The heart of Al Jazeera America's prime-time lineup is an attractive one if you are looking for news, context and a fresh visual perspective on U.S. and world events.
At least that's the way it looked premiere night Tuesday as the Qatar-based channel unveiled a solidly-reported and skillfully packaged hour of news at 8 p.m. followed by "America Tonight," its flagship broadcast of in-depth, magazine-style pieces.
And yet, even as this promising addition to the American TV news landscape arrived, AT&T announced Tuesday that it would not carry the channel on its U-verse pay-TV service with an estimated 5 million viewers.
Al Jazeera responded late Tuesday by suing AT&T for what it describes as failure to honor a contractual obligation to carry the new channel. Al Jazeera claims it purchased carriage by AT&T when it paid $500 million to Al Gore for his Current TV channel.
Al Jazeera paid that amount for what was by every definition of the word a failed TV operation, because it wanted the access provided by such contracts as the one with AT&T into what was expected to be 50 million American homes.
With Time Warner Cable and AT&T not carrying Al Jazeera America, even though they had carried Current, it appears that Al Jazeera might have debuted in only 40 million homes, which will make it all that much harder to sell ads. Al Jazeera and Time Warner Cable are still negotiating.
But that's business, and Al Jazeera had to know the giant American corporations it was going up against were going to play rough.
Beyond the accountants and lawyers, what will ultimately spell the success or failure of this channel is programming. And the slice of content I saw Tuesday night looked good.
The newscast feels more like the BBC than any of the major American networks or cable channels -- and I mean that in a good way. Only, the visuals are a lot better on Al Jazeera. Some of the camera work almost takes your breath away.
Perhaps the best comparison would be to the PBS NewsHour. But whereas the NewsHour does very little original reporting and has some of the longest, dullest interviews with a very narrow range of what it considers experts, the 8 p.m. news anchored deftly by John Seigenthaler hardly ever stopped popping with vivid on-the ground reports and analysis from Al Jazeera America correspondents.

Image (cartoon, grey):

While the title of the channel stresses America, and there was some fine U.S. reporting Tuesday, the real treat for this viewer was the opening report on Egypt. I learned more about the political upheaval in Egypt in one report on Al Jazeera America Tuesday than I have in the last two weeks of watching network news. I mean that.
For example, Mohamed ElBaradei, the diplomat who until Aug. 14 was Egypt's acting vice president, was treated with none of the deference I am accustomed to seeing him enjoy on American TV news programs. Instead, he was presented as being more European than Egyptian in his lifestyle and orientation.
A statement that ElBaradei was in Europe was followed by the Al Jazeera America correspondent saying of Egyptians who are facing chaos, violence and a struggle for survival amid the turmoil, "These people don't have that luxury."
Most compelling was the way the correspondents were regularly shown in the streets among the crowds -- establishing a point of view of being among the people and on the street. That from-the-ground-up perspective is instantly engaging and powerful.
"America Tonight," the channel's 9 o'clock show anchored by the sure-handed presence of Joie Chen, also opened with Egypt. The title of this piece: "Egypt in Turmoil."
"When we arrived in Cairo," correspondent Christof Putzel said at the open of his piece, "the city was on fire."
Fine writing, and his words were matched with superb visuals of tall buildings burning from the inside out as if they had been hit by bombs during the London Blitz. I had seen nothing like these images anywhere else on American network or cable TV until Tuesday night.
The piece on Egypt was followed by Baltimore's Adam May reporting on prison conditions in New Orleans.
The storytelling was every bit as compelling, as May and the photographer matched words and pictures to give the viewer a sense of descending into another realm -- a dangerous world the authorities would rather not have Americans know about.
I'll have more on Al Jazeera America in coming days.
Executives at the channel should be feeling good about their onscreen debut even as the backstage battle for access into American homes gets down and dirtier.
That's an important story about giant communications companies trying to keep the range of information Americans receive controlled and narrow. And I'll keep reporting on that story as well. It's an important one for democracy.